Evolved from the rich climbing culture in the Yosemite Valley of California, slacklining refers to the act of walking and playing tricks on webbed lines tensioned between two anchor points. The tension of the line can be adjusted according to the activities or tricks to be performed on the line, as well as the length and altitude of the line.
Slacklining may be performed as a hobby, as a means to stay fit by slackline yoga, or as a competitive sport through tricklining, longlining, and highlining. The different styles of slacklining have been described below, followed by a list of few records set by adventurous young slackers.
This refers to any of the slacklining activities that are practiced in urban areas, like city parks, schools, community centers, streets, etc.
The slackers use urban anchors, like lamp poles, telephone poles, or even bridges to rig the slackline. Trees with a diameter of more than 12 inches serve as ideal anchor points.
However, certain cities disallow slacklining on streets and other urban areas, to avoid mishaps, whereas some have limitations with respect to the timings, length of the lines, the type and size of trees that can be used to rig the lines while slacklining in parks, etc.
Being the most common and trending style, tricklining refers to setting up low, short, and tight lines for performing several tricks, spins, jumps, and gymnastics. A two-inch webbing and tight line are preferred for tricklining in order to provide the strength required for tricks and ensure a smooth landing.
The tricks performed are categorized into static and dynamic tricks.
Static tricks involve slow-moving tricks and still poses, wherein the slackliner is constantly in contact with the line. These include walking, walking backwards, moonwalk, sitting, handstands, splits, etc.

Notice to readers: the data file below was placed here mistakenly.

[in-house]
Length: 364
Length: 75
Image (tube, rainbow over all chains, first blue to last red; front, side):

Dynamic tricks involve bounces as well as movements such that the slackliner loses contact with the line and lands on it again without losing the balance. It includes chest bounces, butt bounces, as well as several types of jumps, flips, jump rotations, and surfing. Adept trickliners can even jump from one line and land on another without falling off.
Also called Slackasana, this calm style of slacklining refers to practicing yoga poses on the slackline. Generally, a one-inch webbing is used for slackline yoga, and the line is looser than that for tricklining and walking.
It was the duo of Sam Salwei and Jason Magness, who first attempted to perform yoga poses on rigged lines. Yoga poses, like the Warrior pose, Buddha pose, Tree pose, and other standing, kneeling, and sitting postures can be practiced. Considered to be the most enduring style, it focuses on breathing while maintaining the balance, and requires a deep level of concentration. Ten minutes of slackline yoga is considered to be equivalent to one and a half hours of regular yoga.
This style simply refers to slacklining that is performed over water, i.e., pools, lakes, or even rivers.
It increases the fun and adventure quotient as well as safety while performing the various jumps and tricks. However, one has to ensure that the water region chosen for waterlining must be free from rocks and boulders. Waterlining on a pool provides the perfect setting for learning new tricks. The line may even be set slightly below the water surface, increasing the challenge to maintain balance on the line.
Longlining refers to setting up of lines that are generally longer than 100 feet, and require much more tension than the regular tree-to-tree urbanlines and tricklines.
It helps increase the consistency in maintaining balance, and prepares the individual to focus for long periods of time. Long waterlines serve as the best way to prepare for highlining. Many longlines have been set up by individuals in a spree to make new longline records. The first longline record was set at 328 feet by a photographer and extreme climber named Heinz Zak, in 2005.
This is the most advanced style of slacklining, and it refers to setting up lines high above the ground or water.
It involves slacklining at high altitudes in the mountains, or across valleys, canyons, etc. An additional backup line may be attached below the main line. The use of a climbing harness and safety leash is recommended along with a safety ring that links the leash to the line and slides along the line. Some adventurous daredevils prefer to go highlining without the use of safety leashes, in which case, it is termed as free solo highlining.